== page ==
Forgiveness from the Heart

Last Sunday, June 25, 2017, I had the privilege to be invited to speak and share God’s Word at the house church of God is Good Christian Ministries in Santa Rosa, Laguna.

I spoke about the need to forgive from the heart. I shared to the church members Christ’s teaching about this topic. Here’s the video recording of that message. My wife did the recording using my iPhone 5 without a tripod — just handheld. It was unplanned but since the video is available, may I share it here with everyone:

We Were Always On His Mind

We were happy to see again some of our brethren who were recently hospitalized due to sickness. May they all recover fully and we continue to pray for God’s intervention for their complete healing.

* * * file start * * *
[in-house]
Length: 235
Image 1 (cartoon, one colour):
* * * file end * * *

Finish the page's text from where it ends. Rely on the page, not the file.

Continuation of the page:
For this session, we continued to follow the outline given for the 40 Days of Discipleship, a discipleship material provided by Grace Communion International. More particularly, we devoted this session to discussing the article, We Were Always On His Mindwritten by Dr. Joseph Tkach.

Discussions focused on the Trinity doctrine and some of the questions that were generated were on salvation, human freedom and other inter-related topics. I shared to the group that the Trinity doctrine shows that God is love and that God is a God of relationships.

I can sense that we as a group are growing in the grace and in the knowledge of our Lord Jesus Christ. It’s been wonderful thus far. We were happy to see those we missed these past few weeks.

For those who are following us on the internet, here’s the video of that session. We had a lively discussion:

And the Word was God – Jesus is God!


The divinity of Jesus Christ has always been questioned by some throughout the centuries. Some say he is merely human and they deny that Jesus is God. They deny that the Word who became flesh is both human and divine. There are actually many passages in the Bible that will prove that Jesus is God but in this blog, let me just focus on John 1:1-2, 14.